City Council To Vote On Ridge Avenue Demo Moratorium

 

A 200-year-old home comes down at 6649 Ridge Avenue. | Photo: Michael Bixler

Philadelphia City Council is expected to unanimously vote in favor of a bill tomorrow that would temporarily impose a one-year demolition moratorium along Ridge Avenue between Wissahickon Creek and Northwest Avenue. If adopted, Bill No. 170821, introduced by Councilman Curtis Jones in September and voted to move forward at a Rules Committee hearing on December 5, will place a partial hold on demolition permits along Ridge Avenue in Roxborough and Manayunk. The intention of the moratorium is to give the City time to evaluate some 317 historic buildings identified by the Historical Commission as potentially significant and worthy of legal protection along the thoroughfare.

Colonial and Federal homes pepper this particular stretch of Ridge Avenue. A number of stone properties dating back to the 18th century survive today as apartments and commercial office space. Along the five-mile stretch, patches of construction present poignant examples of the nuances of citywide neighborhood redevelopment. Here, rather than clusters of luxury condominiums being built in Fishtown and Point Breeze, three-story duplexes spread out around sizable cul-de-sacs like pockets of suburban outposts. A number of large, adjacent lots that once held 100-year-old single-family homes, like the Bunting House that was demolished in 2013 and replaced by a Wendy’s drive thru, have been cleared for commercial construction. 

A miniature suburban subdivision replete with a cul-de-sac at Ridge Avenue and Markle Street. | Photo: Michael Bixler

The Historical Commission provided Councilman Jones with a survey of the 500 properties within the five-mile run. “The list was developed with input from the community and civic associations and with data previously gathered by the Historical Commission, the National Register [of Historic Places], and the Pennsylvania Historical and Museum Commission,” said Paul Chrystie, communications director for the Department of Planning & Development. “There was no field survey. It is not an exhaustive survey of historic assets and their historical significance.”

The Historical Commission does plan to prepare an extensive Ridge Avenue Roxborough Thematic Historic District nomination that will be submitted by Commission staff for review in the summer of 2018. The nomination will include roughly 80 properties identified as eligible for placement on the Philadelphia Register of Historic Places.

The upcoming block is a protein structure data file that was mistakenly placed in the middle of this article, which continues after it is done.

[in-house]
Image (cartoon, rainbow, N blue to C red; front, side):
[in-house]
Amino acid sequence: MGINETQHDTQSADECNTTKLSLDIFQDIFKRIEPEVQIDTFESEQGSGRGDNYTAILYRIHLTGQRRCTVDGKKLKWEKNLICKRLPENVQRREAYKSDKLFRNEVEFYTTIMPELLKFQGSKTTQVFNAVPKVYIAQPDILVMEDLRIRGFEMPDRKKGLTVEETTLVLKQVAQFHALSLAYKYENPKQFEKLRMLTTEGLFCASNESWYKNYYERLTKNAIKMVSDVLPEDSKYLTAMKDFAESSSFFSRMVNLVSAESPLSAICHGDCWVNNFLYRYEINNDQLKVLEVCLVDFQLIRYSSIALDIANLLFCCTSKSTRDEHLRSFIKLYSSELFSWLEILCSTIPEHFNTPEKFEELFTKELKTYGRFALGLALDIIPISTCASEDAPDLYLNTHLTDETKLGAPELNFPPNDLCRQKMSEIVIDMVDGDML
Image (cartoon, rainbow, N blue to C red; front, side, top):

According to a report by PlanPhilly, six demolition permit applications were filed between October 13 and October 18 after the bill was introduced in September. Expediter Quest Design Services applied for all six of the demolition permits. Between 2014 and 2016, only six demolition requests were filed within the five-mile stretch, making the recent flurry of applications —six in under five days–a record for the immediate area and a revealing signal of redevelopment activity along Ridge Avenue in various phases of planning.

The following are five buildings on Ridge Avenue that are eligible for placement on the local register according to the survey conducted by the Historical Commission. Photographs by Michael Bixler.

7953 Ridge Avenue

7549 Ridge Avenue

6341 Ridge Avenue

6080 Ridge Avenue

559 Righter Street

About the author

Michael Bixler is a writer, photographer, and managing editor of Hidden City Daily. He is a former arts and entertainment reporter with Mountain Xpress weekly in Asheville, North Carolina and a native of South Carolina. Bixler has a keen interest in adaptive reuse, underappreciated architecture, contemporary literature and art, and forward-thinking dialogue about people and place. Follow him on Instagram



1 Comment


  1. Does the city government (or state government, for that matter) give a whit about historical preservation? I ask because they can’t seem to bulldoze it down fast enough!

    Razing 300-year old historic treasures for cheap, disposable condos? For shame, Philadelphia, for shame!

    Since all they seem to care about is $$, why doesn’t the city realize that retention of these properties helps the property values of the neighborhood? Ask oneself: would you rather live in Society Hill or generic suburbia?

    Suggestion: Have the preservation-minded folks tried a media blitz? Guilt the city into doing something.

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